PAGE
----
Example: A typical AMC multiplex 7-screen theatre in the greater Los Angeles area.
originally referred to "a drama accompanied by music"; a film characterized by expressive plots with strong and intensified emotion, often with elements of pathos, illness and hardship; called 'women's films' or 'weepies' (tearjerkers) during the 1940s; aka meller; sometimes used disparagingly to describe films that are manipulative and crudely appeal to emotions; see also 'chick flicks'
Examples: prominent "weepies" include Letter From an Unknown Woman (1948) (shown above) and Mildred Pierce (1945), and any of director Douglas Sirk's lurid melodramas of the 50s, such as Magnificent Obsession (1954), All That Heaven Allows (1955), Imitation of Life (1959), and Written on the Wind (1956).
a filmic device in which a scene, character, object, and/or action may be associated, identified, or interpreted as an implied representation of something else (that is unrelated) Example: Hitchcock's use of the image of a train tunnel at the conclusion of North by Northwest (1959) to metaphorically signify sex, or the rain-drenched (like tears falling) sad farewell letter from Ilsa to Rick in Casablanca (1942)
method acting
a style of acting first expounded by Konstantine Stanislavsky in the early 1900s, and popularized by Lee Strasberg (1899-1982) in the US in his Actors Studio; refers to actors who gave realistic performances based upon and drawn from their own personal experiences and emotions; refers to not emoting in the traditional manner of stage conventions, but to speak and gesture in a manner used in private life.
Example: Marlon Brando was known as one of the main practitioners of method acting, seen here in the famous taxicab scene in On the Waterfront (1954); other proponents of method acting included James Dean and Montgomery Clift.
midnight movies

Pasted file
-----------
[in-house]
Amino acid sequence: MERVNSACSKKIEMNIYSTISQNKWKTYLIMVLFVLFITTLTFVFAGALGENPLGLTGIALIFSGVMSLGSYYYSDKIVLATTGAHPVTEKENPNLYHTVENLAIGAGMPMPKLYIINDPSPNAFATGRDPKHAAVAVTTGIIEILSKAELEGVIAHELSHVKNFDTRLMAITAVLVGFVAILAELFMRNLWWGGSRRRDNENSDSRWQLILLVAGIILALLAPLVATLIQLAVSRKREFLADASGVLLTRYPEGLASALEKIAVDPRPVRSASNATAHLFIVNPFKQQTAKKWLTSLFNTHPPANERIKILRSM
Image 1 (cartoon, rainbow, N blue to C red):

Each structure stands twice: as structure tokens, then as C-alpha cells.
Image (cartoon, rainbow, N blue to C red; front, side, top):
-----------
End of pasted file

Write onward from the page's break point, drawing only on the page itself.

offbeat, often independent (non-Hollywood) counter-cultural cult films exhibited at theatres for late-night shows - sometimes involving audience participation; appealed to various small segments of niche audiences with different tastes; these films (originally sexual thrillers, slasher flicks, etc.) were often box-office bombs upon initial release, but then gained a faithful following; the phenomenon began in the early 70s, then mostly disappeared in the 80s, but has recently been revived.

Examples: Freaks (1932), Reefer Madness (1936), Night of the Living Dead (1968), Mondo Trasho (1969), Beyond the Valley of the Dolls (1970), El Topo (1970, Mex.), Harold and Maude (1971), The Harder They Come (1972), Pink Flamingos (1972), The Texas Chainsaw Massacre (1974), the long-running The Rocky Horror Picture Show (1975), Eraserhead (1977), and recently The Adventures of Priscilla, Queen of the Desert (1994), Office Space (1999) and Donnie Darko (2001)

(or pantomime)
acting without words, emphasizing facial expressions, body movements, and gestures; common during the silent film era. Example: the films of Charlie Chaplin; or Janet Gaynor's Oscar-winning performance in F.W. Murnau's classic Sunrise (1927) (shown here).
small-scale models photographed to give the illusion that they are full-scale objects; also known as model or miniature shots.

Examples: the space craft in Star Wars (1977) and 2001: A Space Odyssey (1968)
refers to an actor/actress who is completely wrong, untalented, or unbelievable for the role he or she has been cast in. Examples: John Wayne as Temujin (Genghis Khan) in The Conqueror (1956), Barbra Steisand as Dolly Levi in Hello, Dolly! (1969)
mise en scène

a French term for "staging," or "putting into the scene or shot"; in film theory, it refers to all the elements placed (by the director) before the camera and within the frame of the film -- including their visual arrangement and composition; elements include settings, decor, props, actors, costumes, makeup, lighting, performances, and character movements and positioning; lengthy, un-cut, unedited and uninterrupted sequences shot in real-time are often cited as examples of mise-en-scene; contrast to montage

Examples: the harsh lighting or expressionistic angles used in classic film noirs (such as in Fritz Lang's work), in F.W. Murnau's Sunrise (1927) with the striking contrast between the marsh, rural life and the city; or in angular set designs of The Cabinet of Dr. Caligari (1920, Germ.); or in the visual magnificence of the sets in David Lean's epic films, such as the frozen dacha in Doctor Zhivago (1965) (pictured) or the searing desert in Lawrence of Arabia (1962), or in the claustrophobic feel on-board the Orca searching for the Great White in Spielberg's Jaws (1975)
mix (mixing)
the electrical combination of different sounds, dialogue, music, and sound effects from microphones, tape, and other sources onto the film's master soundtrack during post-production; dubbing (or re-recording) refers to the mixing of all soundtracks into a single composite track; the soundtrack is blended by a mixer (chief sound recording technician)  

Previous Page Next Page